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Different Types of Popular House Styles

When you’re ready to buy a home, house hunting can be an exciting time.  Here you will learn about all of the most popular types of houses, how to tell the difference between them, and which ones are right for you.  

The main distinction between each of these building types are the amount of the property you own, the types of fees you pay, and how many walls you share with your neighbors.  So without further ado, here’s the breakdown:

Single Family Home (A.K.A. Stand Alone House or Detached Home)

Also known as a stand alone house or detached home, this is a structure that stands on its own and does not have any walls that are connected to another residence.  It’s referred to as “single family” because typically it’s only meant for one family to live in, which is an important distinction from other home types (as we will address later).  This type of property usually comes on a piece of land that the homeowner also owns themselves, and can also include other detached structures on the land (such as sheds, barns, mother-in-law suites, and detached garages).  These homes come with their own specific set of responsibilities, taxes, and assessments due to the ownership of both the structure itself and the “lot” (or land).      

Condominium (A.K.A. Condo)

A condominium resembles what a renter might refer to as an apartment, in that it tends to be one unit within a larger multi-family building that can come with neighbors next to, above, or below it.  Condominiums are almost always single level.  The main difference between an apartment and a condo is the ownership.  If you live in an apartment, you do not own the unit.  If you live in a condo, the unit is yours, with exception of the main building and the grounds. Anything inside the unit is considered solely yours, whereas the outside is considered “jointly owned” by you and all of the other residents. This common area is usually maintained by a homeowners association, which is an elected board of volunteer homeowners who control and organize the allotment of funding, repairs, maintenance, rules and regulations of the shared parts of the property.  Dues are paid by each homeowner to this association (called HOA dues) in order to fund these endeavors.  Other types of homes may also come with their own homeowners associations, but when owning a condo it’s almost a guarantee.      

Condo vs. Co-Op

The main difference between a condo and a co-op is the type of ownership.  A co-op will structurally resemble a condominium complex, but instead of owning their own single unit, those participating in a co-op own shares in a corporation or cooperative legal entity that owns the entire property as a whole.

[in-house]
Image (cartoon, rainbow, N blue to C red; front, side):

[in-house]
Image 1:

A townhouse can be thought of as the middle ground between a single family unit and a condominium.  Townhouses are basically single family residences that share a common wall on one or more sides, but never above or below.  They are almost always multi-level, and unlike a condominium, townhouses come with ownership of the lot beneath them.  There is typically less land ownership than with a single family unit though, as the only options for ownership are in front of, behind, and below the home.  Townhouses may come with a homeowners association, although it’s much less common than with a condo.    

Duplex (Or Triplex)

A duplex is a pair of units that are built into one single structure (a triplex is the same, but with three units).  This may sound confusingly similar to a townhouse or condo, but there is a difference.  Think of a duplex as two separate living spaces that have been built into a single family home.  Often, a duplex is just that: a large single family residence that has been converted into two smaller units, often for investment purposes.  Because of this, there is only one homeowner, who acts as the landlord, with the second unit (or both units) rented out.  A duplex typically shares one or more walls, and tends to be one story with separate entrances to the same building.  A multi-family home is a similar situation, but with more than three units constructed within the home.   

Mobile Home (A.K.A. Manufactured Home, Modular Home)

A mobile home is unique in that it is the only residential dwelling that is not legally considered real estate.  Because it is not attached to a foundation that secures it to the land, it is considered personal property, meaning it has the same legal form of ownership as your car or other belongings.  Because of this, they tend to be less expensive than traditional real estate, and they cannot be sold as real estate should the time come to sell them.  Mobile homes can be built on-site or shipped to their intended location by shipping companies.  They can sit either on rented or owned land.  

Finding the right home can be a challenge, but with a little determination and armed with knowledge, you can be sure your perfect home is never too far away.  

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